From the time of childhood, humans try to avoid the challenge of dealing with reality. Stubbornness, defiance, and temper tantrums are expressions of a child’s resistance to reality. Children usually experience uncanniness when they first hear what is required of their mother and father to produce babies. Uncanniness softens the blow of having one’s illusions shattered, thereby temporarily lessening inner fearfulness. A serious problem arises when uncanniness persists and the individual is unwilling, at an unconscious level, to break through into what is real and true. That’s when irrationality, paranoia, and conspiracy theories flourish.
At the best of times, life can be confounding. We humans struggle mightily to make sense of it. Most of us eventually adopt belief systems, including ones that are irrational or lead us into self-defeat, in order to quell inner fear, which itself is a lingering effect of childhood helplessness and irrationality. The personality we adopt is also, in part, an accommodation to inner fear and inner conflict.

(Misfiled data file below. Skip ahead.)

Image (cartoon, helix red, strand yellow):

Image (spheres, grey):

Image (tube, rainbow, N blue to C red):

Rapid social and technological changes stir up this inner fear. Too much change in too short a time is going to overwhelm us, Alvin and Heidi Toffler warned in “Future Shock,” their 1970 bestselling book. Nonetheless, we can, when brave or insightful, become less fearful, assimilate these changes, and live in peace and harmony.